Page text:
Our Type of Future

TypewriterForBlogPost.jpgHere is just one of the stories our roving reporters from the future have submitted as part of our ‘Type of Town’ project happening at the Warehouse – Clunes at the moment. A timely tale given the Transport Consultation that happened last night at the Warehouse:
A day trip to Clunes, Victoria is like a trip back in time. At one of the entrances to the town there’s a water trough where coaches stopped to refuel their horses. Testament to an era before automobiles became the most common way to travel. It’s important to note because this nod to alternative modes of travel seems to have set the tone in this old gold town and as a result, shaped life in Clunes in 2050.
Opposite the water trough there was a pub. It’s easy to picture how busy it would’ve been. Coaches and horses crossing the nearby bluestone bridge before pulling to a halt to eat, drink and refresh themselves. It’s not hard to imagine the hum of conversation that would have existed as people tipped their hats, brushed the dust off their clothes and exchanged civilities before heading home on foot, or continuing on their journey.
Commuter junctions like this were common place 100 years ago, but now we are used to the cold, impersonal nature of huge train stations, fast-paced freeways or airports where people who stop and chat are suspect, rather than friendly. So you might think it’s strange that I can easily visualise how Clunes might have been long ago.
It’s not strange, because while the pub is now a B&B, everything else I describe is much the same. Somewhere in time, Clunes became a town that decided to forget conformity and carve out its own reality. There’s a museum in the main street. It dominates the streetscape with appealing outdoor spaces on either side of it and a bustling program of activities happening in the old hotel wrapped around it. Ancestry searches, old trades and high-speed wifi make it an appealing destination for visitors from near and far. Here it’s easy to trace the origins of Clunes’ self-determination. This town has been innovative from the very beginning. The mine it was first built around was recognised world-wide for its innovations, and while the town has consciously moved away from the practices that stripped the land of its resources, it’s remained unashamedly innovative.
Take the carpark for example. It’s underground. Built into the hills surrounding the town, the visitors carpark is connected to the mainstreet by winding pathways that are peppered with GPS guides and storytelling touchpoints that kick in as you pass. I’ve a dodgy leg. So while I’d love to walk these paths and see the platypus they tell me are nearby, I’ve opted to ride the electric bikes provided at the carpark. I’m not the only one.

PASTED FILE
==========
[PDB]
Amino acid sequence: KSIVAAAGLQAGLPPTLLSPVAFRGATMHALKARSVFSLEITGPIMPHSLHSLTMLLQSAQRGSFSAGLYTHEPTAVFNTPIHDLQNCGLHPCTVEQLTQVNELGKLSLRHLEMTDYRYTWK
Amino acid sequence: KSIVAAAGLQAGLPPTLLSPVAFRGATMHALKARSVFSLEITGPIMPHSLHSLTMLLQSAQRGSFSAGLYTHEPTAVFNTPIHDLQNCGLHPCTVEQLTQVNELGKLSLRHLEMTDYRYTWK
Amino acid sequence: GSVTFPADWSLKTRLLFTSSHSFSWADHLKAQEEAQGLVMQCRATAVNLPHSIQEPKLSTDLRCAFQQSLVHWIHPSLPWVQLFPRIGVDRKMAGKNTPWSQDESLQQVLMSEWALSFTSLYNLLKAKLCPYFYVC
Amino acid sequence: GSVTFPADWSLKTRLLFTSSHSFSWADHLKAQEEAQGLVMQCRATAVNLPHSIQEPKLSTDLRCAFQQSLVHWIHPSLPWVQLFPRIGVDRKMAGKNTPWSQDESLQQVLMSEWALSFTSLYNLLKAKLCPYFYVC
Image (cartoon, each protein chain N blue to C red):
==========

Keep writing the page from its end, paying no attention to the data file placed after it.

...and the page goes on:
Locals and visitors alike are all on bikes rather than in their cars. Visitors stick to the inner circle of the town (controlled in part by the battery life and coding of the bikes), while locals can be seen further afar. Like most of Victoria, the land around Clunes can be very dry, but careful planting and thinking about walkways had made this a particularly walkable town. An ageing population (an issue anywhere in this country) has probably given rise to the electric bikes with their nifty shade sails?
Easy spots to pull over and chat are evident everywhere in town, even wider afield where you can see that those living on the land or travelling also stop to chat. How do I know this?
Each of these spots features trees, drinking taps and a solar charging station for bikes. Like the trough I first saw when I entered the town, these spots are commuter junctions and they are a big part of the appeal of living in or visiting Clunes. It is social, sustainable, and downright practical and at the same time, blends in with the land. If you look closely at the base of the drinking tap you’ll see an etching carved into it that looks like the water trough that I first saw when I entered town. The etching is another nod to the past, and one that didn’t happen by chance. But then I suspect, everything I see preserved and alive today in Clunes is here because it’s a community that has chosen not to leave how it lives just to chance.
Submitted to the ‘Clunes Star’ in May 2019: from 2050

 

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